The History of Fruits & Vegetables
When the first hunters and gatherers began to notice they could plant seeds, manipulate growth and manage plant fertility, a great transformation began to happen. Throughout the eons, that transformation has continued, as humans have not only managed to grow plants, but create their own specialized varieties that have specific tastes or are designed to grow in certain areas. The development of fruits and vegetables may be among the most important of human developments.
Archaeological evidence indicates human beings first began to grow their own food likely between 8000 and 9000 B.C. Much of that evidence was found in the Fertile Crescent, a region extending roughly from Israel and up the eastern shores of the Mediterranean Sea through Turkey and down into Iraq near the Tigris and Euphrates Rivers. That was one of the most fertile areas of Mesopotamia during that time period and where early agriculture is believed to have begun. Vegetables, more specifically annuals including peas and grains, were likely the first food crops to be domesticated.
Like all good ideas, eventually it grew. First, there was a system of bartering goods and services for their relative value. Fruits and vegetables were used for this purpose in many cases. One of the earliest examples of a commercial venture with fruits and vegetables was with Feng Li, a Chinese diplomat living about 5000 B.C., who devoted his time to growing a variety of fruits, including apples and pears.
The Middle East and Egypt
Although the process of cultivation eventually came to include perennials, such as fruit and nut trees, early agriculture was still at the mercy of the elements. Those growing fruits and vegetables had no way of dealing with things like droughts until about 4000 B.C. At that point, farmers near the Euphrates River began constructing dams and canals to bring water to parched fields. The Egyptians also practiced irrigation and even buried fruits and vegetables, especially figs, in tombs for the dead to enjoy in the afterlife.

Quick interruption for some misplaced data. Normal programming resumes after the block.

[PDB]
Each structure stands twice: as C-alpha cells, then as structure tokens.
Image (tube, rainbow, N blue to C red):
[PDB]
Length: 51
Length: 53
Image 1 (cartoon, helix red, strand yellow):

The age of the Roman Empire saw the most significant progress in the development of fruits and vegetables. Greenhouses were invented and used by Roman Emperor Tiberius approximately 30 years after the birth of Christ. Further, writers of the time describe crops being rolled on great beds out in the sun or into the greenhouses, depending on the weather. Instead of glass, those greenhouses were made using translucent sheets of mica. It is generally assumed that Tiberius used the greenhouse for many different fruits and vegetables, especially cucumbers. However, some historians believe the greenhouses were used more for melons than cucumbers.
The Middle Ages
After the fall of the Roman Empire, the Manorial System flourished during the Middle Ages. Gardens containing a variety of fruits and vegetables, most notably fruit trees and strawberries, were kept close to the manor house. Some were even enclosed to help control pests and protect plants from climate abnormalities. Crop rotation also began during this time. The Muslims also introduced many new crops into Europe during this time, including citrus, rice, almonds and figs.
Marco Polo's travels to Asia at the end of the 11th century and beginning of the 12th added a great deal to the reawakening of Europe. Marco Polo was able to return home not only with spices and gold, but also a variety of information related to the advancements of horticulture in China, including information about the country's vast orchards. Still, not all was positive for fruits and vegetables during this time period. For example, Hugo Van Der Goes, in 1740, painted "The Fall of Man," which depicted an apple as the forbidden fruit in the Garden of Eden. That led to a suspicious attitude toward apples.
The discovery of the "New World" also led to the discovery of new fruits and vegetables that were returned to Europe. Among the more notable of those were potatoes, maize (corn), tomatoes, sweet potatoes, and cocoa, which today are staples of the Western diet.
From the first controlled apple hybridization experiments conducted by Englishman Thomas Andrew Knight in 1790, the modern history of fruits and vegetables is one of continued manipulation. Today, seedless watermelons, grapes that are able to survive in extremely cold climates, bananas that can stay fresh when shipped long distances, and the huge variety of fruits and vegetables in most supermarket produce sections are all a testament to what humans can accomplish.